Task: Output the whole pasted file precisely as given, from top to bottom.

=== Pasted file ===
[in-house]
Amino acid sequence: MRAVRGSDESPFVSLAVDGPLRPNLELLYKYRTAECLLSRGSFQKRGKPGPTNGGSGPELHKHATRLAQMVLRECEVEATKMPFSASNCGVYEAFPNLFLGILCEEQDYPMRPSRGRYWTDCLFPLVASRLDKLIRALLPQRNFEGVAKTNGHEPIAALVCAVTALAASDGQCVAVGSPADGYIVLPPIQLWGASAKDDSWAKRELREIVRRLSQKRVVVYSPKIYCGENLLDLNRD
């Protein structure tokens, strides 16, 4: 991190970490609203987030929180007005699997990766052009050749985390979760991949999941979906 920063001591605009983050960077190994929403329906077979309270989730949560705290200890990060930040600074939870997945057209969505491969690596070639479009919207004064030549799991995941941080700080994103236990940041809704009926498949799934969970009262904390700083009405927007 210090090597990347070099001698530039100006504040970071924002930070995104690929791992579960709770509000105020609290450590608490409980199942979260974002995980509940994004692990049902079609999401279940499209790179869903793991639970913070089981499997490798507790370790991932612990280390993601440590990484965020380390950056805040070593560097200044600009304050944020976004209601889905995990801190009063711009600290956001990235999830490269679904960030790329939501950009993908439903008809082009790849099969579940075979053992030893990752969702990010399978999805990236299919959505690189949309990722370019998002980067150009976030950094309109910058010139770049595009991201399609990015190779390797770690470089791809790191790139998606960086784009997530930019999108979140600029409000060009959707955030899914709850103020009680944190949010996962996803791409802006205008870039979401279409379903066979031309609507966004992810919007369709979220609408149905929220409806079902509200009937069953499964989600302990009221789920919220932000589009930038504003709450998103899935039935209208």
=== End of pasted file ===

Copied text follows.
[in-house]
Amino acid sequence: MRAVRGSDESPFVSLAVDGPLRPNLELLYKYRTAECLLSRGSFQKRGKPGPTNGGSGPELHKHATRLAQMVLRECEVEATKMPFSASNCGVYEAFPNLFLGILCEEQDYPMRPSRGRYWTDCLFPLVASRLDKLIRALLPQRNFEGVAKTNGHEPIAALVCAVTALAASDGQCVAVGSPADGYIVLPPIQLWGASAKDDSWAKRELREIVRRLSQKRVVVYSPKIYCGENLLDLNRD
């Protein structure tokens, strides 16, 4: 991190970490609203987030929180007005699997990766052009050749985390979760991949999941979906 920063001591605009983050960077190994929403329906077979309270989730949560705290200890990060930040600074939870997945057209969505491969690596070639479009919207004064030549799991995941941080700080994103236990940041809704009926498949799934969970009262904390700083009405927007 210090090597990347070099001698530039100006504040970071924002930070995104690929791992579960709770509000105020609290450590608490409980199942979260974002995980509940994004692990049902079609999401279940499209790179869903793991639970913070089981499997490798507790370790991932612990280390993601440590990484965020380390950056805040070593560097200044600009304050944020976004209601889905995990801190009063711009600290956001990235999830490269679904960030790329939501950009993908439903008809082009790849099969579940075979053992030893990752969702990010399978999805990236299919959505690189949309990722370019998002980067150009976030950094309109910058010139770049595009991201399609990015190779390797770690470089791809790191790139998606960086784009997530930019999108979140600029409000060009959707955030899914709850103020009680944190949010996962996803791409802006205008870039979401279409379903066979031309609507966004992810919007369709979220609408149905929220409806079902509200009937069953499964989600302990009221789920919220932000589009930038504003709450998103899935039935209208």